It was his eyes; it was in the way his mouth turned down at the corners; mostly it was the way he held the bottle, hating it and loving it and needing it all at the same time. (p. 65)

King's turn of phrase...
You're the feature attraction in my home theater and always will be. (p. 311)
King's descriptive language...
Her jaw unhinged all the way to her chest, and the bottom of her head became a dark hole in which a single tooth jutted. (p. 415)
King's big ideas...
Death was no less a miracle than birth (p. 421)
(all photos taken by Leanne Dyck on Mayne Island--unless otherwise stated)

Happening in Canada 
May 7th to 14th
in libraries, schools, community centres 
and bookstores across Canada
twenty-nine of Canada's most celebrated authors, illustrators 
and storytellers 
provide 28,000 children with 400 live book readings and activities 
Click this link to learn more

And calling all Picture Book devotees--share the love...
The Eric Carle Museum of Picture Books has launched a social media campaign asking readers to share their favorite illustrated books, suing the hashtag #GetBehindPictureBooks
Click this link (Tundra Books) and (Children's Book Council) for more information.

 Next post:  (Sunday, May 16 part one and Sunday, May 23 part two -- published at approximately 5 pm PST)  It's not just alcoholics that carry destructive old tapes in their heads. Most of us do--I know I do. And it takes a lot of effort to re-record them. For example... Well you really need to read my true story My Life In Letters. I'll share it over the next two posts. I hope you'll read it.

Sharing my author journey....

 Happy Mother's Day!

The sun, the heat... It feels like Summer has already arrived on Mayne Island. Inspired I set to work...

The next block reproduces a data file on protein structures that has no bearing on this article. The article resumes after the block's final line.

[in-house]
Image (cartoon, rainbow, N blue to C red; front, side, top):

Sunday, May 1, 2016

Picture Book: self-editing checklist by Leanne Dyck

(all photos have been taken by Leanne Dyck on Mayne Island--unless otherwise stated)

Like a sponge, I've been soaking up a lot of information about writing picture books. All this learning has not gone to waste. It has helped me develop the following check-list.

-Check spelling, punctuation, and grammar

To help me with this, I have...

The Elements of Style by William Strunk and E.B. White

Handbook for Writers by Jane Flick and Celia Millward

-Did you begin by introducing the setting, main character, and story problem?
'Enduring picture books must be about something bigger than a mere incident. The story problem must explore some large theme or issue. It must have a kernel of truth about life and our world.' (p. 23 Writing Picture Books by Ann Whitford Paul)

-Is the story compelling?

Please click the link to read this helpful article:  21 tips for creating compelling short stories

-Are there conflicts that the main character must overcome? How many?

Please click the link to read this helpful article:  How to create tension in a story in 8 ways

-Does the text leave room for the illustrator?
'The illustrator's pictures are the narrative of our words. That's why we don't need to write long descriptions. The picture will show what the character looks like. They will show the setting. Trust the creativity of the artist.' (p. 157 - 158 Writing Picture Books by Ann Whitford Paul)

-Do the characters speak appropriately? 

Hmm, speak appropriately? You might think this is about censorship--but, nope.

Keep in mind that people rarely talk in grammatically correct sentences. 

Remember the age of your protagonist. Ask yourself if someone that age talks the way your character does. If not, is there a reason? If there isn't a reason, re-write the dialogue.

Read your dialogue out loud. Does it flow?

-Does the ending solve the story problem and tie up the loose ends?


Please click the link to read these helpful articles...

Try this Picture Book editing checklist

Top 10 Tips for Picture Book Success

How to Revise a Picture Book 

Next post:  (May 8 approximately 5 pm PST):  Book review of Doctor Sleep by Stephen King
I read a lot of King--I'll explain why

Sharing my Author Journey...
June is usually a very productive month of me. I wondered why and then I figured it out...